Scores of employees have been forced to work from home during COVID-19, many juggling childcare and other responsibilities. Has that negatively affected their productivity? Not in the least, if you go by “The Real Productivity Impact of Remote Work,” a recent report by Valoir. The business and tech research company surveyed 327 people, mainly in North America, who said there has only been a 1-percent negative impact on their productivity since they started to work remotely.
Those working from home with children are 2 percent less productive, and — although it may seem counterintuitive — those working without other adults or children in the home reported the highest decrease in productivity, at 3 percent. According to Valoir, those working alone account for nearly 40 percent of the work-at-home population, with 28 percent working in a home with children, and 46 percent working in a home with other adults.
Respondents to the survey, which included 20 in-depth interviews, said their average workday is nearly 10 hours, with a start time of 8:15 a.m. and end time of 6 p.m.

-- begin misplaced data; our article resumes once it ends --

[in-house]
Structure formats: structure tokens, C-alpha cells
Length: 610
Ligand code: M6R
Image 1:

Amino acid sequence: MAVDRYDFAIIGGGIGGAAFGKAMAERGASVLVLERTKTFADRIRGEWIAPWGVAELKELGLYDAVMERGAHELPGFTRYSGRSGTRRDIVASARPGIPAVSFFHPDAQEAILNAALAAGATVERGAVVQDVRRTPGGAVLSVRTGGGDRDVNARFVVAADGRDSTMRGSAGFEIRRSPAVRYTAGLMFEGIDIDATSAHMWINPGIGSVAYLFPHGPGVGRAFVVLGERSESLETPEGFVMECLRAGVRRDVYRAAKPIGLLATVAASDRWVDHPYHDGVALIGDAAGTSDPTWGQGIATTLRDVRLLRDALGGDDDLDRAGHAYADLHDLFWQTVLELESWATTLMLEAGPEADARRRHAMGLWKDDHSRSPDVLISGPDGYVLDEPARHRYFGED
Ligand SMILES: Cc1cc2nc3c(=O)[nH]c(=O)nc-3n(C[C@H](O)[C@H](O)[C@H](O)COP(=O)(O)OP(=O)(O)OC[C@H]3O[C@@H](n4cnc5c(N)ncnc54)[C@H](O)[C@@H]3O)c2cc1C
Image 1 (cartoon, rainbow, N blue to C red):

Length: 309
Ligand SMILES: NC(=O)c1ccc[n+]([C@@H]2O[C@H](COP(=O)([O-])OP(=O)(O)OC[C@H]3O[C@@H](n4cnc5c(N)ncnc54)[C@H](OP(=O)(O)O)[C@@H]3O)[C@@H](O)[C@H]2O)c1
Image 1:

Their biggest distraction, taking up around two hours a day on average, they said, is social media.
Most respondents gave their employers a good grade when it came to supporting remote work, and four out of 10 said they would prefer to move to full-time remote work after stay-at-home rules have been lifted.
And while we are in the midst of a health crisis, more than one-third of respondents said they were more worried about their job security than the health threat COVID-19 posed to them or their families — 27 percent vs. 22 percent, respectively.
The report’s summary highlighted the need for employers to provide more clearly defined processes and workflows “so they can be accomplished without an in-office culture and enabling employees to be engaged and committed to their work without in-person human reinforcements.” No matter how long the current situation lasts, according to the report, “it will have a significant impact on what we consider a normal workday for the foreseeable future.”